April 24, 2018
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Former baseball star, Red Sox analyst Matt Stairs leaving Bangor

John Clarke Russ | BDN
John Clarke Russ | BDN
John Bapst Memorial High School assistant coach Matt Stairs (center) takes control of the puck during a team practice at Bangor’s Sawyer Arena in 2009. Stairs, a former major league baseball player who has lived in Bangor for the last 12 years, is moving back to his native New Brunswick.
By Larry Mahoney, BDN Staff

Former major leaguer Matt Stairs is going home.

The longtime Bangor resident said he, wife Lisa and daughters Nicole, Alicia and Chandler are returning to their native Fredericton, New Brunswick, in the near future.

He said they have discussed the move for years and a recent house burglary expedited the move. Jewelry was stolen from his home, including his National League and American League championship rings, a National League championship pendant belonging to his wife and some watches.

Stairs bought a house in Bangor in November of 2000, the same day he was traded by the Oakland Athletics to the Chicago Cubs.

Stairs said even after his family moves back to New Brunswick, he intends to continue as a part-time studio analyst for Boston Red Sox games with the New England Sports Network. He is in his first year with NESN.

“It’s going well. I’m enjoying it a lot,” said Stairs, an assistant coach for the Bangor High School hockey team in the winter. “I had watched the show before and it’s pretty much what I had expected.”

He said studio host Tom Caron has made the transition “very easy” for him.

“[Caron] is very good at what he does,” said the 44-year-old Stairs, who set the major league record for pinch-hit homers (23) during a 19-year, 12-team career in which he hit .262 with 265 homers and 899 runs batted in.

Caron said Stairs has been “great.”

“He is a student of the game and he is very likeable. If he wants to, he can do this for a very long time,” said Caron. “He has great insight, he’s very knowledgeable. He thinks like a manager.”

He said Stairs’ role late in his career as a pinch-hitter required him to observe the game in preparation for his pinch-hitting role and that gave him valuable background knowledge. The fact he played with so many teams and so many players also has been beneficial.

Stairs said don’t count the Red Sox out of the playoff hunt just yet.

A second wild-card team has been added in each league this season and the Red Sox, 43-43 at the All-Star break, are 2½ games out of the second wild-card spot.

The Red Sox have had 20 players on the disabled list and should get some of them back after the All-Star break, including center fielder Jacoby Ellsbury and left fielder Carl Crawford, two of baseball’s best base stealers. Second baseman Dustin Pedroia should be back within three weeks.

Ellsbury played in just seven games and Crawford hasn’t played yet this season. Both are in extensive rehab stints.

“I know they’re not happy to be .500 at the All-Star break but with all the injuries they’ve had, I think .500 is good. They’re only 2½ games out of the [second] wild card spot. They’re still in pretty good position,” said Stairs. “Once they get all the big boys back, they could go on a pretty good run.”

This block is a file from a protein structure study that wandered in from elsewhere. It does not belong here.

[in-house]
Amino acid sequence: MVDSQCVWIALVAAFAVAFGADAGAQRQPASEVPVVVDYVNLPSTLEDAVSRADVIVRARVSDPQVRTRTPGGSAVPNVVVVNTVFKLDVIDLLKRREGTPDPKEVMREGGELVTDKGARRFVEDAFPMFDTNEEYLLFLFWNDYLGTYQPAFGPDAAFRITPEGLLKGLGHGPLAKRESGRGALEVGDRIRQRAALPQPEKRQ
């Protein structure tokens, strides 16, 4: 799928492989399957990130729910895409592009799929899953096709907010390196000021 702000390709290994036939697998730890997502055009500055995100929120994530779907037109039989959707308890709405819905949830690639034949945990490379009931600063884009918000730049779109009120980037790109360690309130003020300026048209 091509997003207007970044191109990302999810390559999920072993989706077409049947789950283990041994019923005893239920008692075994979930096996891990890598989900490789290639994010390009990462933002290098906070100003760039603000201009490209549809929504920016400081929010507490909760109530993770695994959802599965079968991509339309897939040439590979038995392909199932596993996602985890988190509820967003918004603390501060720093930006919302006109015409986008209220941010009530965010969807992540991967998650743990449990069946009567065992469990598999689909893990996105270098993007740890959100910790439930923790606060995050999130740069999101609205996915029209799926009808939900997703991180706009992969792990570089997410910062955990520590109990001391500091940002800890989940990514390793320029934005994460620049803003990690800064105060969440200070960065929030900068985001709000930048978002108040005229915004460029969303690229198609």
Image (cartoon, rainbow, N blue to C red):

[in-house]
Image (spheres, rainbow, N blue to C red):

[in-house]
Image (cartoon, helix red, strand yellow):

Stairs said the young players who have been called up have done a nice job filling in for the regulars.

Headlining that list are third baseman Will Middlebrooks (.298, 10 homers, 37 RBIs), outfielder Daniel Nava (.275-3-26) and recent call-ups Mauro Gomez (8-for-22, .364) and Pedro Ciriaco (7-for-13, .538).

Gomez has been playing third for the injured Middlebrooks (hamstring) and Ciriaco has taken Pedroia’s place at second. Pedroia is out with a thumb injury.

But Stairs said it will be up to the top three starters in the rotation — Josh Beckett (4-7, 4.43 earned run average), Jon Lester (5-6, 4.49) and Clay Buchholz (8-2, 5.53) — to pitch with more consistency if the Sox are going to make the playoffs. Felix Doubront (9-4, 4.41), reliever-turned-starter Franklin Morales (1-2, 3.50) and Aaron Cook (2-2, 4.37) have pitched well out of the rotation, he said.

Stairs said when Beckett, Lester and Buchholz pitch up to their potential, “they give the team the opportunity to win every time they’re on the field. But they haven’t done it [consistently] so far.

“This will give them a good mental break and we’ll see what happens after the break,” said Stairs. “The bullpen has done a good job but they’re overworked. The big thing about the bullpen is all of them know their roles now and getting [Andrew] Bailey back will help.”

Bailey hasn’t pitched for the Red Sox yet because of thumb surgery.

The Red Sox team ERA of 4.22 is 10th among 14 American League teams and they are tied for eighth in quality starts with 41.

A quality start is when a starting pitcher goes at least six innings and gives up three earned runs or less.

Only three teams have allowed more earned runs than the Red Sox (364).

Offensively, despite the injuries, the Red Sox are second in runs scored (432) and fourth in batting average (.268).

The Red Sox trade of veteran third baseman Kevin Youkilis to the Chicago White Sox for utility man Brent Lillibridge and pitcher Zach Stewart was an “unfortunate situation” according to Stairs.

“I hated to see him go. He can still play. He still has four or five more years. But it was one of those things where it was best for him and for the organization. And the Red Sox were able to free up some money [$2 million] which they can use to make a trade,” said Stairs, noting that Middlebrooks’ impressive play warranted the trade.

He expects Ellsbury, Crawford and Cody Ross to be the starting outfield when Ellsbury and Crawford return and Nava to serve as the fourth outfielder.

“I wouldn’t be surprised if they tried to trade [Ryan] Sweeney,” he said.

Stairs will do 13 more games for NESN this season.

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